We Endorse the United Kingdom on Principle,
not the Nationalist Frame of "the status quo"

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In October 2014 we will be voting to endorse the principle of the United Kingdom as a good thing. We will not be voting for "the status quo". We will not be voting because we happen to like, or dislike, the temporary political practises of the moment, says Alistair McConnachie.
Posted 26 October 2012.

This article is another in our series on using the correct language to back up the correct political action.

"Independence or the Status Quo"
Nationalists like to claim that the choice we will face in October 2014 is between "independence or the status quo."

They like to use that expression because "the status quo" makes the opposing choice seem bland, boring, unexciting and uninspiring. It is a deliberate Nationalist "frame". We have discussed framing here.

According to Chambers 20th Century, the "status quo" means the "existing condition".

In the sense in which the Nationalists are trying to use it here, it means, the existing political condition.

Nationalists are hoping that some people will take a look at the present political condition and vote to end the UK simply on the basis that they don't like the Coalition government at the moment, or they disagree with the bankers' bail out, or they don't like the latest policy to come out of Westminster, or on the basis of any other short-term, temporary political irritation.

Voting on the Basis of Short-Term Irritation rather than Long-Term Forethought
That is, the Nationalists are hoping that people will vote on the basis of the present short-term political practises which they see, rather than the overall long-term principle of the United Kingdom.

Voting for, or against, something because you happen to like it, or dislike it, at that moment, is not a principled position. It shows no sense, or care for, the big long-term picture. It displays only a petty obsession with one's own political prejudices, and no tolerance for the political opinions of others.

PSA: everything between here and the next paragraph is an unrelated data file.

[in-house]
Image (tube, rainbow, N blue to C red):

It is like saying, "I support the Union while Labour is in power, but I don't support it when the Conservatives are in power." And it is like those (undemocratic) Nationalists who support breaking away only because they think it will mean that there will never be a Tory government in a separate Scotland (regardless of the fact that Tories in Scotland have over 400,000 supporters).

Whatever may be the rights and wrongs of the present (and temporary) Coalition government, they should have no bearing upon our choice in 2014. The existing political condition of the moment is a temporary thing, which is subject to constant change. Politically, conditions are always in a state of flux. (In that sense, even for the Nationalists to refer to it as "the status quo" is not really accurate.) There will be another General Election in 2015, and many more thereafter. The political choices, and policies, and opportunities, will change as they always do.

We should not vote against the Union because we dislike the Coalition anymore than we should vote to stay in the UK because we like the Coalition. We are not voting to "endorse" the present government, or its policies, or another possible Tory or Labour one in 2015.

What we Are Voting to Endorse
What we are voting for is the structure within which these temporary and changing conditions exist. That is, we are voting for the United Kingdom.

It is upon the principle of the United Kingdom, that we shall be voting. Either we believe in it, or we do not.

And we can believe in the UK for a variety of reasons, and we can do so from a variety of personal identities...but it is the principle that we are voting to endorse, not the political practises of the moment - some of which we may consider good or bad, and which are, in any case, always changing.

Among many things bound up in the principle of the United Kingdom, which we will be voting to endorse is the idea that 4 nations can join together in a bigger, greater, more effective one - and bind their futures intimately, and successfully, with each other. That what we have in common is greater than any differences there may be, and that any differences can be comfortably accomodated within the UK. That working together within the UK will create greater opportunities for us all in the future, and will allow us to most successfully face the challenges which will come our way. That in our common effort together, through the years and decades and centuries to come, we can ensure that the United Kingdom remains, and becomes an even better, stronger, more effective force for good in the world.

Moreover, as our history has shown, all this can be done without losing any of our Scottish identity. That, as Alistair Darling has said, "Loving Scotland does not mean leaving the United Kingdom".

The Beginning of the End
So, to conclude, we need to be on our toes whenever we hear it said that the choice is between "independence or the status quo."

We need to be on our toes whenever we hear it said that we are "the people who are voting for the status quo", or that we are "the people who support the status quo."

We are not voting for "the status quo", or the current political practises of its politicians.

We are voting on principle for the United Kingdom.

The choice is between separation or the United Kingdom, and we are the people who support the United Kingdom.

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You can find out more about Alistair at the About Alistair McConnachie page. And here is a link to Alistair McConnachie's Google Profile.

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